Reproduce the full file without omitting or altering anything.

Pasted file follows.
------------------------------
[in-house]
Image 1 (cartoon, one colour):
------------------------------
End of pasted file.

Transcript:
[in-house]
Image 1 (cartoon, one colour):